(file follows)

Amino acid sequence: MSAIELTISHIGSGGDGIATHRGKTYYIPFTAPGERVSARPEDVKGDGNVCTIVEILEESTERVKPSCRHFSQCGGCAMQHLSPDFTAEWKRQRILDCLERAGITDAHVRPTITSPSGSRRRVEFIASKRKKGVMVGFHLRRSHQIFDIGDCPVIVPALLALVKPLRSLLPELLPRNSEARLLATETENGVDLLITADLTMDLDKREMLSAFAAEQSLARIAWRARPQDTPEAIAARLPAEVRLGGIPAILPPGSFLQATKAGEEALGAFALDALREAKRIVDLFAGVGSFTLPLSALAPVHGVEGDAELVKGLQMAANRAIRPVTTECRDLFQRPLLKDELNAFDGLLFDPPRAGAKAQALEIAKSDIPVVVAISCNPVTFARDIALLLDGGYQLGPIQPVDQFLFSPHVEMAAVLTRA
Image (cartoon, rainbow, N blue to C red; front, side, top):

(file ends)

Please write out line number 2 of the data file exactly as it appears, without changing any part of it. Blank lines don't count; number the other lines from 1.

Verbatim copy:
Image (cartoon, rainbow, N blue to C red; front, side, top):